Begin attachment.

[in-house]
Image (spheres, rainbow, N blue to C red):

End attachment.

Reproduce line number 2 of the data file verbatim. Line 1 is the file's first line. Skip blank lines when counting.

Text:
Image (spheres, rainbow, N blue to C red):